Typically, an external voltage reference can improve upon the DAC's internal reference accuracy and temperature drift. Also, autocalibration is important because it removes offset and gain errors of the DAC and, for board products, of the external op amp.•
His concluding comments give some idea of the lengths you must go to if the lowest noise and drift performance are needed. Our LabMaster Pro optionally uses optical coupling of the DAC data to avoid analog/digital ground noise problems. We also use internal scaling resistors to set the DAC's output range. Because they are on the same silicon substrate as other DAC circuitry, they track thermally. In some cases, you can make do with an external resistor network if only the resistor ratios are important.
To be sure, DAC boards with easy-to-use control software are a great help to measurement system integrators. However, as with any high-precision analog circuits, obtaining the last tenth of a decibel specified by the manufacturer requires design skills and experience.
1. Kester, W. and Bryant, J., DACs for DSP Applications, Section 4, DAC Structures, Analog Devices, www.analog.com/Analog_Root/static/pdf/dataConverters/MixedSignal_Sect4.pdf
2. The Technology Behind the Alpha 9 CD Player, an Arcam Technical Report, 1998, www.aslgroup.com/arcam/alpha9cdtechpaper.pdf
Control of High-Speed Interpolating DACs by Scott Hames, Director of Product Management, Interactive Circuits and Systems
Software-defined radio (SDR) transmission techniques typically involve synthesis of signals at IF or even RF frequencies. To alleviate the problems associated with streaming data at gigahertz rates and further integrate SDR systems, DAC manufacturers offer parts with on-chip clock multipliers, direct digital synthesis (DDS) numerically controlled oscillators (NCOs), interpolating filters, and mixers.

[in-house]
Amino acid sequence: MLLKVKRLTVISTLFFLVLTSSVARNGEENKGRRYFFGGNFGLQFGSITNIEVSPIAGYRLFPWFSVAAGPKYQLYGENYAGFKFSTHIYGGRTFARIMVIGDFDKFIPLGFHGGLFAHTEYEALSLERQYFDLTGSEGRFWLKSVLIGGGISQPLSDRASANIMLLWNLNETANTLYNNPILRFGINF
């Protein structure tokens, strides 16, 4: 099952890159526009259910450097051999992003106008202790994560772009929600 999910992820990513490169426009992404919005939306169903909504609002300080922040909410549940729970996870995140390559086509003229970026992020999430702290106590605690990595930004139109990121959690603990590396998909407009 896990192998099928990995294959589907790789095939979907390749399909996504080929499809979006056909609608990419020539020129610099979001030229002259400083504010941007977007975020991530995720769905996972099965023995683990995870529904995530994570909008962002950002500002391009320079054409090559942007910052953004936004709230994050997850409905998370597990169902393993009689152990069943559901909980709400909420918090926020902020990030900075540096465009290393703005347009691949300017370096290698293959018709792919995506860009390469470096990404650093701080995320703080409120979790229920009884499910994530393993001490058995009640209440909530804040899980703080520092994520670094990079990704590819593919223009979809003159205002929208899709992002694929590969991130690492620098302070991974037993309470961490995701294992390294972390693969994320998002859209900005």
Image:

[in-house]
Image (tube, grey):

Ideally, by performing the final upconversion digitally on the DAC chip, you only need supply data at the baseband rate. Theoretically, the programmable NCO can bring substantial flexibility to the hardware, allowing spread-spectrum techniques such as frequency hopping to be software controlled.
In phase-sensitive applications such as phased array radar, exact synchronization of multiple DAC outputs is required across multiple trigger events. Separate, fast DACs previously used allowed control of the clock and data inputs, and you could ensure that the clocks and data streams were in sync.
As DAC conversion rates increased beyond 300 MHz, interpolating or digital-upconverter DACs became attractive because they accept data at the baseband rate and perform digital upconversion (DUC) on the chip before generating the analog output. Unfortunately, in most cases, you have limited ability to precisely control the internal DUC functions of these parts.
In one application, an interpolating DAC was operating as a quadrature upconverter that relied on an internal DDS NCO. The phase of any signal generated at the DAC output depended on the phase of the baseband data and the phase of the DDS NCO. Unfortunately, the NCO was free running after the chip was released from the reset condition. Its phase could not be separately controlled. For this application, we needed a register in the chip to control the starting phase of the DDS NCO and an NCO_SYNC pin on the device that would clear the phase accumulator and allow arbitrary synchronization based on an external event.
Interpolation counters and FIR/IIR/CIC filter pipelines also affect the phase of the signal. The state of the interpolation counter determines when new data is accepted into the pipeline. Unless it can be controlled based on external conditions, phase uncertainty exists. And if old, invalid data is not flushed from filter pipelines, it could corrupt the new input.
Because most interpolating DACs do not allow precise external synchronization of important operations in the signal-processing chain, they may not be suitable for phase-sensitive applications. However, there are DUC ASICs available, such as the GrayChip GC4116 and GC5016, that provide this capability (Figure 4).
These devices do require discrete high-speed DACs to do the final digital-to-analog conversion, but these components are readily available. The caveat is that they put responsibility for proper control of the device squarely on the system designer or application programmer. The learning curve may be substantial, but in the hands of an experienced user, these devices are very powerful.